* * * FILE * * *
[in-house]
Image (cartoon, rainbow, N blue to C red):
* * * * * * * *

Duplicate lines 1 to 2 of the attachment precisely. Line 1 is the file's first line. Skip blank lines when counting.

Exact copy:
[in-house]
Image (cartoon, rainbow, N blue to C red):